After multiple delays, many tradeshow appearances, and plenty of opinionated feedback... Cuphead (opens in new tab) will finally release on September 29. It’s been a long, hard road to get here for StudioMDHR Entertainment and its captivating 1930s cartoon platformer. Cuphead was unveiled at E3 2014 and playable a year later at E3 2015. Its bold 2D art style, which recalls classic, mid-20th century animations, and engaging, tough boss battles catapulted Cuphead to everyone’s most anticipated list. But, after it was quickly made known the game only contained boss fights with barely any platforming levels linking those battles together, people grew disappointed. The excitement for Cuphead died down.
After listening to the negative feedback for this design choice, StudioMDHR knew it had to course correct. The decision to go back to the drawing board and start crafting whole levels in the game eventually resulted in a several-year delay for Cuphead, and a much more challenging development process than first anticipated. It’s a big ask for such a small team working on a game made up of painstaking, handcrafted animations.
I talked to one of Cuphead’s lead designers and co-creators, Chad Moldenhauer, about how much Cuphead has evolved since its debut, why the studio decided to only include boss battles at first, and the challenges that resulted from the game’s sizable changes.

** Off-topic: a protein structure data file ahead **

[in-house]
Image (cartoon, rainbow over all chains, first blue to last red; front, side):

The Original Vision
Cuphead’s E3 2015 showing really emphasised a desire for a bigger experience - beyond just boss fights. The general consensus that boss fights ‘aren’t enough’ gave StudioMDHR an excuse to dramatically expand the scope of the game. This was, contrary to popular belief, the studio’s original vision for its platformer. Chad, and his brother / Cuphead co-creator Jared Moldenhauer had always wanted the game to be more than just boss battles when they first started making it in 2010.
“The reality is, Cuphead is closer now to the game we always wanted,” explains Chad, speaking to GamesRadar+. “We aren't throwing levels in to mollify people, we're putting them back in after originally cutting them from our ‘dream scope.’” The problem with StudioMDHR initially being able to go through with its original “dream scope” for Cuphead was a serious lack of resources. The studio didn’t want to over-commit to a project without first seeing how people responded to it.
Quite a few Reddit users have shared their opinions about playing the game, and most of the comments have been positive. Like user armandsaccurro saying, “The game got a good amount of attention. I've played the demo at last year's Gamescom, it's gonna be sweet!” However, user XZYOE didn’t share the same sentiment and, like a few others, was left disappointed after finding out Cuphead was initially only going to feature boss fights. “It looks really cool but I'm not too sure how I feel about it being just a boss rush. If it had more classic platformer elements and levels I would be more excited.”